21st Aug2020

‘Dark Nights: Death Metal Guidebook #1’ Review

by Dean Fuller

Written by Various | Art by Various | Published by DC Comics

I’m not entirely sure why, but DC have always been far better than Marvel with anthology books. Possibly because of their extended history, that they just have that much more material than Marvel had, and could make extra money by packaging old, sorry ‘classic’, reprints with the odd new story or framing sequences. The recent run of DC anniversary issues have also seen them put out some rather good 100 page anthologies, but now with all new material, though with very definite nods towards source material of the past. Which brings us to this ‘Guidebook’. Odd title in a way, as it’s appeared too far down the line into the event to be a guide for anything, but it’s certainly a good opportunity to fill in gaps in the main book, and to give short, sweet glimpses at some of the peripheral characters. Let’s take a peek.

The main event is the lead story, ‘The Fall of Earth’, written by Scott Snyder, James Tynion, and Joshua Williamson, drawn by Doug Mahnke and James Mendoza. This is prefaced by a fantastic two page map, showing the newly remade Earth with the continents remade in the shape of a bat. The Arkham Wastelands, The Hellscape, Gotham, and Megapokolips make up the new Metalverse. For those who came in late, The Justice League lost to the powerful goddess of the multiverse Perpetua, who has let The Batman Who Laughs remake reality with his army of Dark Multiverse Batmen. Earth has take a bit of a beating it’s fair to say. The evil Batmen are actually physical manifestations of ‘our’ Batman’s fears and insecurities. So very smart, very strong, but with absolutely no morality. Earth never had a chance.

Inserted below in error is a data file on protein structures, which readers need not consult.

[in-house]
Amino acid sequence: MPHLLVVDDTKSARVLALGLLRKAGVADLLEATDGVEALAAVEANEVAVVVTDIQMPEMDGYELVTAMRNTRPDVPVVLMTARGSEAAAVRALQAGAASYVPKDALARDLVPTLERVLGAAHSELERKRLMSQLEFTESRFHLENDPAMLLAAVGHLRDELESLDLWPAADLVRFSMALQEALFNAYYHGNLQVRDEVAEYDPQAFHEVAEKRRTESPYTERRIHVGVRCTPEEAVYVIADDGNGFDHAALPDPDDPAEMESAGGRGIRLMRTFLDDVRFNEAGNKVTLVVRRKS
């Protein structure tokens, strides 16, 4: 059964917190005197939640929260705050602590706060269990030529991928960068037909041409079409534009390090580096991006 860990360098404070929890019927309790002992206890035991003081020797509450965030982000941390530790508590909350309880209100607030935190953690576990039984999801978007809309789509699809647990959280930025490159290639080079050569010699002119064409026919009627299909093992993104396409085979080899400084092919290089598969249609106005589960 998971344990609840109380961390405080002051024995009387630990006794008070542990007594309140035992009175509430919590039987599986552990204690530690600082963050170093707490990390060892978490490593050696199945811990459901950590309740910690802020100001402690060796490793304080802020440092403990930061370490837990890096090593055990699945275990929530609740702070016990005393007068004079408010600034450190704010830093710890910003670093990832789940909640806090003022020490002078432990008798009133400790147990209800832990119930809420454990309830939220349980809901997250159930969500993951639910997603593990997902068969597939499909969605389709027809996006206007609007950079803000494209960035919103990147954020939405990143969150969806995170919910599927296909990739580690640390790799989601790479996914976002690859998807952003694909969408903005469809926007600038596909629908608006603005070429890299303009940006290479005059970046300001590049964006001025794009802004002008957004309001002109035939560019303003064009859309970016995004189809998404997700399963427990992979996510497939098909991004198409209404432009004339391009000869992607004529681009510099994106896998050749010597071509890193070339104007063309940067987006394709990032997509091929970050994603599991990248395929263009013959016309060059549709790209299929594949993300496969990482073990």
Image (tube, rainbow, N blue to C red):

Knowing that, the next few pages are depressingly grim. We get a blow by blow account of how Earth’s heroes banded together, because they always win, right? Captain Atom getting blown to pieces was probably a good indication that things weren’t quite that cut and dried this time. Dr. Arkham, the Bat-Mage, DarkFather (who had killed that realities Darkseid himself, yikes), and Bathomet, a Lovecraftian elder god all proved far too powerful. A sentient Gotham itself proved the final straw, as the inevitable defeat saw Superman himself, beaten, used as a living solar battery to power the Sun. Aquaman surrendered to save Atlantis, Wonder Woman did the same to save the Amazons. Truly the end of days…or is it. The end gives us a little glimmer of hope and, without giving away who and where, a shout of ‘bring on the bad guys’ may be in order.

The smaller backups that follow all feature different areas of the ‘new’ world. The first of the smaller backups, set in the Arkham Wastelands, features Harley Quinn in ‘Metal Queen of the Desert’, by Chip Zoarsky and Khary Randolph. It’s a slight Tank Girl-esque story with Harley facing down a mutated Captain Boomerang. Slight story, ok art. Next up, in the Seven Seas, is Aquaman in ‘The Umibozu’, written and drawn by Becky Cloonan. Also pretty slight, ok for what it is, but filler at best. Wonder Woman and Poison Ivy feature in the Hellscape-set third story, ‘Seeds of Hope’, by Vita Ayala and Dan Panosian. This is better, as Poison Ivy escapes from imprisonment only to find Wonder Woman had been protecting her from the outside, not imprisoning her from it. Everything has died, the world is a desert. Still, there is always a seed somewhere…

The final story, set in Gotham itself, is second only to the main story itself. ‘Dragonlance’, by Christopher Priest and Eduardo Risso, features Batman and Jonah Hex in a story that sees Risso channeling his inner-Mignola. On the face of it, it is a simple Batman and Hex versus a Joker Dragon story, but the substance of the story is in the banter between the two main characters. Batman has a Black Lantern ring with huge power, but he knows if he uses it too much it might control him. Hex is the failsafe, given a White Lantern energy bullet to shoot Batman if he is corrupted. Fun stuff. The info text pages between each story also add to the overall package, and by book’s end you do feel you’ve had value for money. On a positive, the book immerses you a little bit more into this mad, bad world. The negative? Main story aside, none of these stories really changed or did anything that moved the story along. Your enjoyment may depend on if this bothers you or not. Me? I’m fine with it.

Not a perfect book, but very entertaining, and the main story is worth the price of admission alone.

**** 4/5


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